Cody Cutthroat Trout Collaborative a model for public engagement

Honored by national US Forest Service Award

7/29/2019 8:10:28 PM

Cheyenne - When Cody regional fisheries managers began thinking about the future of the Yellowstone cutthroat trout in the Bighorn Basin, they didn’t start with a project proposal. Instead, the region asked the public one driving question, “When you consider the future of cutthroat trout in the Bighorn Basin what challenges, both social and biological, do we need to consider to ensure all interests are met?” That question was the basis of success with writing a collaborative plan to conserve the species in the future, and it earned the team the 2019 U.S. Forest Service Rise to the Future Award for Public Awareness. 

Sam Hochhalter, Jason Burckhardt, Joe Skorupski and Tara Hodges of the Wyoming Game and Fish Department, working with the Bighorn and Shoshone National Forests, were recognized formally in June for their outstanding contributions to communicating the aquatic resource or watershed stewardship management. 

Within our agency, we know the excellent work our employees do; however, it is an honor when they are recognized nationally for their work,” said Alan Osterland, Game and Fish chief of fisheries. 

Dubbed the Cutthroat Trout Collaborative, the year-long relationship-building and planning process between the public, Game and Fish and the Bighorn and Shoshone National Forests, built on the lessons of former reintroduction projects in Cody; success for the future of the fish relied on the public’s support for the project. 

“The collaborative was the marriage between social concerns and public interest and desires with our biology and science,” said Hochhalter, Cody regional fisheries supervisor. “The outcome was a balance between restoration and serving the public, and that included the public’s ideas in decision making.”

The regional staff built public momentum for the initiative with three sets of meetings throughout the region, supported by emails, radio talk show programs, various print and social media communication, posters, website content and in-person meetings with stakeholders. The collaborative process resulted in creating a work plan with strong, diverse stakeholder support that guides 15 to 20 years of Yellowstone cutthroat trout restoration work for the Cody region.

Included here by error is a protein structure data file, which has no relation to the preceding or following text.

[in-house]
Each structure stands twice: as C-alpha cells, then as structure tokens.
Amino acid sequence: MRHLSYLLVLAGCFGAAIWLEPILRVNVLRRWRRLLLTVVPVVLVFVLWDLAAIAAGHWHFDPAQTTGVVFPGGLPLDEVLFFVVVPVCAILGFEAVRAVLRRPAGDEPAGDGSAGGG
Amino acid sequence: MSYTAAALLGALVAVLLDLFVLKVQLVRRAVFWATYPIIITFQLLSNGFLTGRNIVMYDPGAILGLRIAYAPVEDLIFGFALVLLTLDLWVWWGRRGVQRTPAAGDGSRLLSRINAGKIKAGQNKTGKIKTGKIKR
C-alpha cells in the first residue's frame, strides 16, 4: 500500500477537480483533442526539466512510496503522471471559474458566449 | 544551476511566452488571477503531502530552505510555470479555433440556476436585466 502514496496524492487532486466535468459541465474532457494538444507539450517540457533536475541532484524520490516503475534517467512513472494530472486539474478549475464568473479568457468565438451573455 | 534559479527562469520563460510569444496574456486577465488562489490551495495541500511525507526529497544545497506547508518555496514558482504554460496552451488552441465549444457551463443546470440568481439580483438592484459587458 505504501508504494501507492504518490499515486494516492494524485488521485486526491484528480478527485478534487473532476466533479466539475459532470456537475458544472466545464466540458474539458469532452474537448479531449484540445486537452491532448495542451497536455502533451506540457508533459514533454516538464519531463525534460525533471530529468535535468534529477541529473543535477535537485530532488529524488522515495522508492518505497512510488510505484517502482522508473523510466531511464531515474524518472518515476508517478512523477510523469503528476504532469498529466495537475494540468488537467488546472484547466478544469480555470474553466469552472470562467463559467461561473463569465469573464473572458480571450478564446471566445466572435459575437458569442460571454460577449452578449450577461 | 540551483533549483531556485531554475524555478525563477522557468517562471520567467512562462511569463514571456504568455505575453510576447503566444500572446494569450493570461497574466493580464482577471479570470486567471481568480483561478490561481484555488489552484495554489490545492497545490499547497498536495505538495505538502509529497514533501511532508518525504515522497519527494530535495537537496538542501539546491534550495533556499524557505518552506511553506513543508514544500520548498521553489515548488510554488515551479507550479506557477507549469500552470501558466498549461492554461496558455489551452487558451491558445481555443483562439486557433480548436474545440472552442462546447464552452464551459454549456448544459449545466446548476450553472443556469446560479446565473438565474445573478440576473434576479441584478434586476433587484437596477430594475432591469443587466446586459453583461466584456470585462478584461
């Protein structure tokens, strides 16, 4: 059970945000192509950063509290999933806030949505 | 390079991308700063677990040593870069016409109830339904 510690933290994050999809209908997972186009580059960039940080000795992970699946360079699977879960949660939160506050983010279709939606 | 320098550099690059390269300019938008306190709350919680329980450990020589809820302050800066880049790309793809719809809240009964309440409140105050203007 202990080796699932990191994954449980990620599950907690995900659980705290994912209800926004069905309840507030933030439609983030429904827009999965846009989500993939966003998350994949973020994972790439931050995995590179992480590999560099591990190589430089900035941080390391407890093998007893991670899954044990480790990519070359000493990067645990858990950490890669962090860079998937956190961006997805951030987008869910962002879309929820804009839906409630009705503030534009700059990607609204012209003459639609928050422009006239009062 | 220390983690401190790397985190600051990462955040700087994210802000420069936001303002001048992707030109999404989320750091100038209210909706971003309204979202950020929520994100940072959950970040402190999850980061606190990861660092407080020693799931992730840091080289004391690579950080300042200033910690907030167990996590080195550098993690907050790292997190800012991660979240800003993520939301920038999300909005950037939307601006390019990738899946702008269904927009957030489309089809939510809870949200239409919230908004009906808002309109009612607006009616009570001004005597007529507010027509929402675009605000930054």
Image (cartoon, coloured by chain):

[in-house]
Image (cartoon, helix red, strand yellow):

“To receive recognition for the collaborative process is a huge honor,” Hochhalter said. “We are all super dedicated to our mission and our jobs, and when people acknowledge that, especially on the national scale, we feel proud.”

Hochhalter emphasized the driving force behind success, though, was the public’s dedication.

“This was a huge ask of the public, and without their participation and willingness to take time out of their lives to help us, it wouldn’t have been the success it was,” Hochhalter said. “But this is a testament to the public and their engagement.” 

For those interested in reviewing the public process and reading the final recommendations, visit the Cody Region Cutthroat Trout Collaborative website.

(Sara DiRienzo (307-777-4540))

- WGFD -


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